2020 was expected to be a difficult year for craft beer due to slowing growth of beer consumption, increased competition from new breweries and the extraordinary success of other alcoholic beverages such as hard seltzers. These issues, plus the COVID-19 pandemic and the disruption to business at brewery tasting rooms, bars and restaurants, could make this year a disaster for most small craft breweries and put their futures, like many in the hospitality industry, in serious doubt.
Before the pandemic, several craft breweries had developed a new wave of low-calorie and low-carb IPAs to counter the hard seltzers and other “hard” beverages. This week, I tried two.
Oskar Blues Brewery’s One-Y IPA (4 percent ABV; about $9.99 for a six-pack at most retailers) is a 100-calorie beer containing five grams of carbohydrates. The initial and brief aroma is mild citrus. The flavor is also mild citrus, but this beer is bone dry, which accentuates the perception such that it takes over the entire flavor experience. This lack of complexity makes this beer particularly unappealing.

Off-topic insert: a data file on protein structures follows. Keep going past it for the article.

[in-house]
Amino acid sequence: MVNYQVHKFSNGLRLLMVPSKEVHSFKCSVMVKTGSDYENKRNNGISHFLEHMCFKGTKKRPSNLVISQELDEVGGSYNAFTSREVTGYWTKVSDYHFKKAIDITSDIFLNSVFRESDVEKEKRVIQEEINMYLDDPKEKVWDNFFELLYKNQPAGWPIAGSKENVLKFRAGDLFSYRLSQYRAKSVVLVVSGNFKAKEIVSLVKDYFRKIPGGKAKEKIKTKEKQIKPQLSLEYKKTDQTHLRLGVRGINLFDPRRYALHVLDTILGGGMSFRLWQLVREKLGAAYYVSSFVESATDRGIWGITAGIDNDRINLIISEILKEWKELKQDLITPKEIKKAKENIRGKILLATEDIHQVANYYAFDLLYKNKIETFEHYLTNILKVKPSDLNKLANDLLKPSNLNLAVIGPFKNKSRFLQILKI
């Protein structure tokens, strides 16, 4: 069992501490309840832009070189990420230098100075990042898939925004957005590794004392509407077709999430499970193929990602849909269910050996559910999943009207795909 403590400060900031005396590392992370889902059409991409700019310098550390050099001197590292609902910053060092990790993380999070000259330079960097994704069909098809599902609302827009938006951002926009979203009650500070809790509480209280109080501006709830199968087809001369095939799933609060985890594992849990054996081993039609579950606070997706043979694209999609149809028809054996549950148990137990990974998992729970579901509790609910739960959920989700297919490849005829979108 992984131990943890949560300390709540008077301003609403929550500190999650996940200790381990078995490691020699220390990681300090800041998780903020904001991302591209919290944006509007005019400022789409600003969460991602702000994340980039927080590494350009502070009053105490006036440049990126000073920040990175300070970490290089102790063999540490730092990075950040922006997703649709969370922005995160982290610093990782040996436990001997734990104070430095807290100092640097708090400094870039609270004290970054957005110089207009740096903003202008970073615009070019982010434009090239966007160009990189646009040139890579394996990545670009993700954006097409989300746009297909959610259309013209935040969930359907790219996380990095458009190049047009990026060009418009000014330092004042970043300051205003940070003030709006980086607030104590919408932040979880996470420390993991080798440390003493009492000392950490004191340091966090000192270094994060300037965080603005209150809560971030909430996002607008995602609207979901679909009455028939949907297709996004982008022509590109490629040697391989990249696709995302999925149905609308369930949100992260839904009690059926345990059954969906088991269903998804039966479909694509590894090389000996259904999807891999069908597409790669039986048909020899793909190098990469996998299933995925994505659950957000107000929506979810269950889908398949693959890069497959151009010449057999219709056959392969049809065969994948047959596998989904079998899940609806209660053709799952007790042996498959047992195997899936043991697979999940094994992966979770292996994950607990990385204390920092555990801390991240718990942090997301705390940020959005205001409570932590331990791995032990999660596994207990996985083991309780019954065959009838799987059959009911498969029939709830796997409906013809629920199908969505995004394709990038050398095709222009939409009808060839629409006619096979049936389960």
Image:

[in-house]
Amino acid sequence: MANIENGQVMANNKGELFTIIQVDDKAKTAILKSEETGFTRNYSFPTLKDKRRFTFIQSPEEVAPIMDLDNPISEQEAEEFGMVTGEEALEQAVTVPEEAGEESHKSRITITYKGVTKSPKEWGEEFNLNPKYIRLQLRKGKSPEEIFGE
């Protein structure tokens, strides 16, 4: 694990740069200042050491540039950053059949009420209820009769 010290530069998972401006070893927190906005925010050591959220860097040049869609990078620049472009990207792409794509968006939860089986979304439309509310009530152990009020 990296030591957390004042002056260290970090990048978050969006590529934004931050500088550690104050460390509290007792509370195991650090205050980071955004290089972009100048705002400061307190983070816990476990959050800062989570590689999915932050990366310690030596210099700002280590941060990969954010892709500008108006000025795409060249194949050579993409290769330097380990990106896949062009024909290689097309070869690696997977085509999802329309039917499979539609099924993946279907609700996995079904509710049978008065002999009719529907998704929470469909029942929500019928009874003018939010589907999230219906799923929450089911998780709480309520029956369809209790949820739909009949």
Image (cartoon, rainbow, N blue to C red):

Bell’s Light Hearted Ale (3.7 percent ABV; about $10.99 for a six-pack at most retailers) contains 110 calories and eight grams of carbs. The extra carbs provide more body than One-Y, and there is a bit of sweet malt character that balances the citrus aroma and flavor of this beer. This one has enough complexity of hop and malt flavors to make it somewhat satisfying and interesting.
Breweries should stop calling these types of beers IPAs. Low-alcohol and low-calorie beers such as these suffer by the comparison to full-on versions of the style. Modern IPAs are big, rich experiences, and these are not even close to that. Cheers!